March 22nd, 2021
When Mayday went through the 2020 Techstars Toronto Accelerator, cofounder and COO Adam Day and his team had 80 conversations with mentors over four weeks — and got a huge amount of advice. In this article, Adam details how he managed this excess of advice and turned it into action items for now and later.
It’s okay to acknowledge that you don’t don’t have all the answers. Especially when you’re doing something as ambiguous as building a startup. The expansive possibility is also expansive unknown. And you need to move quickly in uncharted areas if you want to succeed.
Learning from your own mistakes is one approach, but it’s expensive and it can sometimes mean life or death to an early-stage company. A better solution, is to ask for help and to seek advice.
Unfortunately, obtaining advice can be more complicated than it seems. Seek too little advice and you risk making avoidable mistakes. Seek too much advice and you risk being overwhelmed with suggestions. Advice needs a system for prioritization in order to actually be useful.
For most startups, or in our case more specifically — when building a consumer-oriented internet product — there is no shortage of available advice. We get advice on what we’re planning to build next, advice on how we’re going to acquire users, advice on how we’re going talk about what we do, advice on how to raise money, etc. etc. etc. Further complicating matters, there’s a temptation to demonstrate that you can do it all. But in trying to focus on everything, you risk getting nothing actually done.
This challenge became most apparent while we went through Techstars Toronto last summer. During the first month of Techstars, you meet with new mentors every week for four weeks straight. In total you end up having upwards of 80 conversations about your business over an extremely short period of time. This yields many, many discrete pieces of advice. So we developed system in Notion (see template linked below) that enabled Mayday to become a advice prioritization machine. Here’s how we do it:
In a past life, giving advice to startups was a regular part of my job. You make a few observations, evaluate the situation relative to your own experiences, make your best guess, and move on with your life. It’s generally pretty easy to feel like you’re adding value.
If a mentor gives good advice, they can benefit in a number of possible ways (i.e. opportunities from a reputational standpoint, career standpoint, investment standpoint, etc.). If a mentor gives bad advice, there’s a bit of a survivorship bias at play — we’re wired to forget the failures — and so generally it doesn’t matter too much.
As a result, “advice” is cheap and plentiful. This means that the ability to recognize “advice” when you see it is critical. I put the word “advice” in quotations because there’s a distinction to be made between advice and opinion. Everyone can offer opinions, but not everyone can offer advice.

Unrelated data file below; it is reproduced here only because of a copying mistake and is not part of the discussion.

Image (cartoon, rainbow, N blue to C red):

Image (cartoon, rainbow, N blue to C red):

Advice is a recommendation based on what someone knows.
Opinion is a recommendation based on what someone thinks.
Recommendations founded on experience are inherently the most valuable. They are backed by evidence and build on what has worked well and what has failed for others in the past.
This isn’t to say that opinions are worthless, but that being able to identify advice based on experience rather than intuition can be a super efficient way to de-risk and prioritize decisions.
But identifying feedback based on experience requires extensive background research and diligence. It goes without saying that you should research the backgrounds of people that are offering you mentorship, but this should involve more than a brief glance at their LinkedIn profile while you search for the right conference URL.
Diversify the sources of your information and go deeper to find out how much money they’ve raised, which portfolio companies they’ve worked with, and generally, what is their specific area of expertise. If you can figure out what someone knows from experience, you can better assess out what to consider seriously.
In addition to credibility based on experience, there are two other major factors to consider when gauging the quality of advice: whether it is actionable, and whether it is timely.
Actionable advice focuses on things that you can control and decisions to be made. Instead making general observations, actionable advice (rather obviously) focuses on the actions that you can take.
Seek out mentors who don’t just identify problems but who can also help find solutions. Alternatively, don’t let conversations end on the identification of a problem — probe further to seek out potential solutions. Drive the conversation until you obtain actionable advice.
Timely advice not only focuses on things you can do right now (or at least in the short term), but it is also based on the state of things today. Given how fast circumstances evolve in an early-stage setting, advice that makes sense today may be completely irrelevant in a matter of weeks.
This isn’t to say that you should avoid conversations around your long term strategy, but that you should aim to focus on short term actions that will get you towards your ideal future outcome.
Steps 1 and 2 enable you to take multiple conversations and to distill these conversations into lots of high value, actionable and timely advice. But you already have a list of a thousand other things to be working on, so how do you make prioritize anything realistically? By organizing the data!